National Antelope Refuge
|Hwy 40, 65 miles northeast of
Phone Number: 541-947-2731
|Visit the Refuge's Web Site:
Hart Mountain National Antelope Refuge
Hart Mountain National Antelope Refuge is located on a massive fault block ridge that ascends abruptly nearly three-quarters of a mile above the Warner Valley floor in a series of rugged cliffs, steep slopes, and knife-like ridges. Visitors experience spectacular views of the beautiful Warner Valley Wetlands while ascending the west side entrance road to headquarters.The west face of the mountain is cut by several deep gorges. Hart, Potter, and DeGarmo canyons, the most rugged, extend from the valley floor to the top of the main ridge. The east side of the mountain is less precipitous, descending in a series of rolling hills and low ridges to the sagebrush-grasslands typical of southeastern Oregon and the Great Basin.
The rugged diversity of the terrain creates a rich mix of habitat types, home to more than 300 species of wildlife. Featured species include pronghorn antelope, California bighorn sheep, mule deer, sage grouse, and redband trout. The 278,000-acre refuge is one of the most expansive wildlife habitats in the arid West free of domestic livestock.
Since its creation in 1936 as a range for remnant herds of pronghorn antelope, management of the refuge has broadened to include conservation of all wildlife species characteristic of this high desert habitat and restoration of native ecosystems for the public's enjoyment, education, and appreciation.
Getting There . . .
Hart Mountain National Antelope Refuge is located 65 miles northeast of Lakeview, Oregon, off Highway 140.
From Lakeview, where the Sheldon-Hart Mountain Complex office is located in the Post Office Building, take U.S. Highway 395 North about 5 miles. Turn right on Oregon State Highway 140 and go east 15 miles, then turn left at the sign to the refuge. Go 19 miles to Plush and continue through Plush, then turn right at the sign to the refuge. Follow the Hart Mountain Road to the refuge headquarters.
From Malheur National Wildlife Refuge, go south on Oregon State Highway 205 through Frenchglen and continue another 10 miles, then turn west (right) at the sign to the refuge. Travel 36 miles to the refuge headquarters.
Most refuge roads are not maintained for passenger vehicles. High clearance and four-wheel drive are needed to travel off the Frenchglen, Blue Sky, or Hotsprings roads. Small amounts of precipitation can make very muddy roads. During the winter and spring, most roads are impassable due to snow or wet conditions. Please avoid driving on muddy roads for your own safety and the protection of fragile resources. Emergency services and roadside assistance are not readily available. The refuge staff is not able to provide or sell gas, towing, or auto repair service. Please feel free to call our office for information on the condition of the Frenchglen road.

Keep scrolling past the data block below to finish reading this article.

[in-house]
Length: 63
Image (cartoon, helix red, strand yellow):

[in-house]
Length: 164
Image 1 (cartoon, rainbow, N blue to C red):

Conditions at the camping areas on Hart Mountain are primitive. Areas have pit toilets, two of which are handicap accessible. None of the campgrounds have any RV hook-ups, drinking water, firewood, or fire rings. Drinking water is available at refuge headquarters. Camping is on a first-come, first-served basis. There are no reservations and no camping fees.
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For over a century, livestock grazing and fire suppression greatly influenced the native plants and wildlife on the refuge. A management plan completed in 1994 excludes livestock grazing from the refuge for 15 years (until 2009) and calls for the reintroduction of fire as a primary process to restore native plant communities and wildlife habitat. Prescribed fire is now used to restore native plant communities.
We closely monitor the effects of management actions such as prescribed fire on wildlife and their habitat to ensure management objectives are met. Hundreds of miles of interior fence were constructed to manage livestock and utilize vegetation. With livestock removed, the interior fence is no longer needed and reduces the natural movement of wildlife.
Removing this fence is a primary objective of the refuge. Riparian areas and upland watersheds are monitored annually to track the recovery of these critical habitats. If left unchecked, the Hart Mountain feral horse herd, currently about 200 animals, doubles about every 3-4 years. Feral horses are descended from domestic stock turned loose around the turn of the twentieth century.
Their grazing can devastate native vegetation and severely damage riparian habitat. They directly compete for forage and water with native wildlife. The 1990 Hart Mountain Comprehensive Management Plan calls for total removal of these horses. Over 300 species of birds and mammals are found on the refuge. Pronghorn, sage grouse, mule deer and California bighorn sheep are featured species.
The Hart Mountain California bighorn sheep herd provides the genesis for the majority of sheep reintroductions in Oregon. Its health is essential for the continued success of reintroducing this species throughout the northwest. Although the refuge has been historically known for its abundant big game, the extensive riparian habitat and unique old growth juniper woodland has also made it a mecca for serious birders.
Friends of Hart Mountain NAR is a nonprofit, independent, volunteer-managed group whose mission is to support the goals and purposes for which the refuge was established and enhance the refuge's value to local communities.Learn More>>